Jan/Feb 2000  •   Fiction


by Francis Till

Once upon a time, there was a man who carved wooden ponies for a living.


He did not intend to make a living at it when he first started this carving of ponies from wood, but even in his novice years there was always someone who wanted to collect the ponies he carved, and most were willing to pay him for them. As things worked out, he began eventually to sell them to the owners of carousels. Since the carving of such ponies was an almost lost art and much in demand, he became quite rich once word got around. It helped that he sold his ponies only for carousels of a very certain type, and that each pony developed a devoted and unique following among the very special riders of these carousels, a following that in turn made rich the men who gambled in paying such high fees for what were, after all, wooden ponies with holes in them.

He never saw any of these carousels in operation, and it was not important to him that people loved his ponies. "I suppose it is convenient," he once remarked when asked what he thought about this use of his work. No, he carved the ponies for different reasons altogether and chose his carousel destinations solely on the passion of the buyers who approached him. He would not, for example, ever sell to anyone who tried to buy on the telephone, or in bulk. His concern in this was for stewardship rather than destiny.


The ponies he made during his early years, before he began populating carousels, were never forgotten, but they had lives of limited use. No one knew quite what to make of them. Although none of them were what could be called rocking horses, even when they were of that general size and form, almost all of them, regardless of size, had been sold to the parents of children. Most of these ponies eventually wound up stored in attics, waiting for new generations of children, but many were sold again to people who were looking for unique interior decoration accessories. Fashion is what it is, though, and it was not long before even the last of this wandering generation of ponies had retired from public view into a variety of the hidden rooms where people keep beautiful, important, useless things. In the end, they all sat about in the dark like ancient memories, waiting to be ridden or otherwise known.

No two of his ponies were ever very alike, but all were more like one another than they were like any other ponies anyone had ever carved before. They were a family of ponies, full of the DNA of his dreaming: a tribe of ponies, even an entire race of ponies, eventually, and they became dispersed, caught in a commercial eddy of the ceaseless diaspora that waits to carry all such groups to the ends of the world. Still, you would always recognize any of them, once you had seen even one.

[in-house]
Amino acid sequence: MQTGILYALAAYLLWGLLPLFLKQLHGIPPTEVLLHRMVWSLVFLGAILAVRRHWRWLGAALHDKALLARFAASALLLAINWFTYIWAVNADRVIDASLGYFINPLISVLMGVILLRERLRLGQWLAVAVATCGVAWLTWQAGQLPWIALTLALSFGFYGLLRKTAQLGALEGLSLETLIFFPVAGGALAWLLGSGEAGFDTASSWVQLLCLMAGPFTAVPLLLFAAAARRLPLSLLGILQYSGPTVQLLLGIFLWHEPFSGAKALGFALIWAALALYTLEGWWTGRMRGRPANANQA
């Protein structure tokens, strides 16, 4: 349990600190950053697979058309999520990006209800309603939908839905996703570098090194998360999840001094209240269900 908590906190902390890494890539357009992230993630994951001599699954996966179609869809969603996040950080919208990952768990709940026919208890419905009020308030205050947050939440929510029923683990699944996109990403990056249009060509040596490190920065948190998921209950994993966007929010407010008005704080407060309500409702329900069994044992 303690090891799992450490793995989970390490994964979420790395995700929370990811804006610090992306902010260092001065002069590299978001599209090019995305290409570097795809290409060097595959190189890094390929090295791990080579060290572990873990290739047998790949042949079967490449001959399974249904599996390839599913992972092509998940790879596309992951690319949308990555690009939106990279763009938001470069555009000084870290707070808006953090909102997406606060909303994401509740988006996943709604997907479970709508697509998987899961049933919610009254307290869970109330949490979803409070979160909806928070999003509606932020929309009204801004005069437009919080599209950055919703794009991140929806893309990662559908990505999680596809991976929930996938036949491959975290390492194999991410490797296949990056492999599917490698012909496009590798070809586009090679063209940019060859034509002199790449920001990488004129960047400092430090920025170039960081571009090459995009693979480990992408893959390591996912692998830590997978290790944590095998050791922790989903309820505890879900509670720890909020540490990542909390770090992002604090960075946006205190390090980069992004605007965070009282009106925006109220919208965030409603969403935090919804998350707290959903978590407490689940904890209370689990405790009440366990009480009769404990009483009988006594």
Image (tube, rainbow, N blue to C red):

He did not love the ponies he made, except as a student might love an exceptionally gifted mentor. This is how he could bear to sell them. Many people who bought them loved them, but they had not spent the 1,000 hours of caressing and cutting and thinking and painting it took to make each of the ponies. Compared to him, they had barely even touched the ponies by the time their times were over, and most never saw their ponies as anything less than perfect. A thousand hours is a longer time than it sounds. It is only 42 days, but that is longer than it rained on Noah. Longer than it takes to drown the world. There are 8,760 hours in the average year; 613,200 in the average life from its first confused moment to its last dumbfounded breath. Usually he could not make more than four ponies a year. When he finished each one, he would come out of the workshop and look up at the sky for a much longer time than most people think appropriate, given the nature of business. Perfection's pursuit is a genuine ordeal, and a journey quite really as strange and dangerous as walking over ice to the Poles.


What made him most unique among the small guild of pony carvers was that he had never seen a real pony. The idea of a pony had come to him late one night when he was a very young boy. Almost the very next day, he had seen a sketch of a pony in a book. It was not just any sketch, either. DaVinci had made the sketch, and he had drawn the pony in such a way as to show all its lines of force and support. Almost an anatomical drawing, a work from a medical text-or the kind of drawing a romantic engineer might create if a pony were an airplane or a bridge.

He found this sketch by accident or coincidence, if you believe in either such thing, It was in a book of nudes his parents kept on a shelf too high for him to reach without climbing. He had no natural love for secrets, and so he never climbed to see what it was that was kept out of reach. But they had this day left the book open on a table through a fairly straightforward act of preoccupation. When they found him looking at it, they did not believe he was looking just at the pony. He thought DaVinci must have had the same dream he had had the night before. Almost. DaVinci's pony was not quite right, and it was this act of concerted recognition that his parents mistook for something else.

In his mind, he could see the exact difference between the dream and the drawing.

He knew exactly how to fix the pony in the drawing, how to make the pony perfect. So he carved one, using a forbidden knife he took from the kitchen and a peculiarly shaped branch. A perfect pony. Almost.


His first pony was small. It was about five inches high and his parents were very excited when they saw it. Excited enough to be forgiving about the forbidden knife he'd used to carve the pony, and to treat him as a wonderchild from that first moment forward. Everything about the pony seem perfect, even to him-but when he looked at it a few days after he had finished, he saw things that did not fit perfectly with the dream. And so he began to carve another. His parents bought him a special set of knives when they realized what he was doing. They were very proud of him, but they were not really certain why. Carving ponies was not a destiny they could envision, but no one else of his age and history could do even a part of what he did so well, and this uniqueness seemed to them to be the kind of thing that should engender pride. They thought him perfect in his private quest for perfection, and deferred to his drive.

The second pony was larger, almost twice the size of the first, and looked nothing like the DaVinci drawing that had led to the first carving. It was received with awe by his parents and their friends. But, he discovered, it also fell short of the perfect pony he had so clearly in his mind. And so he began to carve yet another.


All through his life people kept telling him that he should come and see their horses. Most of these people did not know that he had never seen a horse, but there were a few who said it in a spirit of undermining helpfulness, knowing full well that he was carving from his mind and not his eye. Regardless of their intentions, when he told those who asked him to make such trips that he had never seen a horse, let alone a pony, they would always laugh. Many were amazed, but some were simply uncomfortable.